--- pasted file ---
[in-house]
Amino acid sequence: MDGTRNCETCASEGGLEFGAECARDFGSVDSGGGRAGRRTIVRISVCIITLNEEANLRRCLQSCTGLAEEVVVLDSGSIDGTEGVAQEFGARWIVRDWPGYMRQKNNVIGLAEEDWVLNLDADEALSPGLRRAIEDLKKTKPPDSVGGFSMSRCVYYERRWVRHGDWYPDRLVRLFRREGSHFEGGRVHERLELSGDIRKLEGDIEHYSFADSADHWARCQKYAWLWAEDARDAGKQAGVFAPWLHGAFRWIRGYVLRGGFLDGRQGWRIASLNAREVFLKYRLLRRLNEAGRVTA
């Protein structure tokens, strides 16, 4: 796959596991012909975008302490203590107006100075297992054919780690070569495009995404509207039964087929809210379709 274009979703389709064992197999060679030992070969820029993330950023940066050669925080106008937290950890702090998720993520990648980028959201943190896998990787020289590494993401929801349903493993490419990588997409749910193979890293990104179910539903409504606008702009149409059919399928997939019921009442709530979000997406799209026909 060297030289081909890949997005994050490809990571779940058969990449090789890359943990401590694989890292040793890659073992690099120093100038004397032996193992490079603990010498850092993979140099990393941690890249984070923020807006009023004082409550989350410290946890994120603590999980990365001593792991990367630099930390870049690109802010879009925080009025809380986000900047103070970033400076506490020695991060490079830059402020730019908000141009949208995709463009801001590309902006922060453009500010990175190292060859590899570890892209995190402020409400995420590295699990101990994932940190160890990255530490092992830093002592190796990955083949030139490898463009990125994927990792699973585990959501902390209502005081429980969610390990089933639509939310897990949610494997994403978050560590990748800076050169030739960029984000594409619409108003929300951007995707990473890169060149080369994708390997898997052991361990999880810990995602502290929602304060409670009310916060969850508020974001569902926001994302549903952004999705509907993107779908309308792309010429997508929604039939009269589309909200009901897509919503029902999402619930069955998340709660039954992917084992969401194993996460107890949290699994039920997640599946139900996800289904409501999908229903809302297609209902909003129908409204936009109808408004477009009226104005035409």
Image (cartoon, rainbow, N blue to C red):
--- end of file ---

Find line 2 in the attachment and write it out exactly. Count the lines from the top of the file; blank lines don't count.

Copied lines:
Amino acid sequence: MDGTRNCETCASEGGLEFGAECARDFGSVDSGGGRAGRRTIVRISVCIITLNEEANLRRCLQSCTGLAEEVVVLDSGSIDGTEGVAQEFGARWIVRDWPGYMRQKNNVIGLAEEDWVLNLDADEALSPGLRRAIEDLKKTKPPDSVGGFSMSRCVYYERRWVRHGDWYPDRLVRLFRREGSHFEGGRVHERLELSGDIRKLEGDIEHYSFADSADHWARCQKYAWLWAEDARDAGKQAGVFAPWLHGAFRWIRGYVLRGGFLDGRQGWRIASLNAREVFLKYRLLRRLNEAGRVTA